Western Queens elected officials at the federal and city levels gathered last week at Newtown Creek to renew their call to the federal government to add the polluted waterway, which separates Queens and Brooklyn, to the national Superfund registry.
The creek is the site of a massive oil spill, discovered by a U.S. Coast Guard helicopter patrol in 1978, which was believed to have started at least 50 years ago along the banks of the waterway, where Standard Oil once operated a massive oil refinery.
U.S. Reps. Nydia Velazquez (D−Ridgewood) and Anthony Weiner (D−Forest Hills) stood on the Brooklyn bank of the creek Friday and pleaded with the federal government to designate the waterway as a Superfund site, which would make it eligible for federal funding that could cover 90 percent of its cleanup.
“For too long, we have allowed the Newtown Creek scandal to be something about which we said, ‘Tsk, tsk,’” Weiner said. “Now, we will no longer say that another generation has to deal with the largest underground oil spill in the United States. If it means dragging oil companies into court, we’ll do that.”
Superfund sites were designated in 1980 when Congress enacted an environmental law to protect communities from heavily contaminated waste sites that have been abandoned. Congress approved a measure last year that would require the federal Environmental Protection Agency to conduct its own independent study of the oil spill that has yet to be released.
But Michael Schade, a spokesman for Manhattan’s Center for Health, Environment and Justice, said the Superfund program received little support from former President George W. Bush’s administration and has nearly run out of money. But President Barack Obama has shown support for the program and included money for it in his proposed budget.
Velazquez said current laws require funding for the cleanup of Superfund sites to be recouped through tax dollars rather than forcing polluters to pay.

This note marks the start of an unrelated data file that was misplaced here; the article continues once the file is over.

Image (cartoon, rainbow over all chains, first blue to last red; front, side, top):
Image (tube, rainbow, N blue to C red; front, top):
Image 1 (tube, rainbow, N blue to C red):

“The polluters should pay for the environmental degradation they caused,” she said. “They should clean up their own mess.”
ExxonMobil, Standard Oil’s descendant, entered into two consent orders in 1990 with the state Department of Environmental Conservation to remove petroleum from the ground beneath Greenpoint, Brooklyn.
In a statement, ExxonMobil said it was cooperating with the EPA for its part in cleaning up the underground spill.
“ExxonMobil takes its environmental responsibilities seriously,” it said.
The oil giant said it supports a comprehensive investigation of the creek’s environmental conditions.
A DEC study released last year estimated that the spill could be anywhere between 17 million and 30 million gallons. Several other oil companies, including BP and Chevron, are also responsible for the cleanup.
At the current rate of recovery, the creek would be completely cleaned up by 2026, Weiner said. But the site could be cleaned within eight to 11 years if it were added to the Superfund registry, he said.
City Councilman Eric Gioia (D−Sunnyside) said residents on the Brooklyn side of the creek have suffered respiratory illnesses.
“The polluters and our government have turned a blind eye,” he said. “It’s time we take this very seriously. An entire generation of New Yorkers has failed to be the steward of our environment.”
Reach reporter Nathan Duke by e−mail at email@example.com or by phone at 718−229−0300, Ext. 156.
©2009 Community News Group
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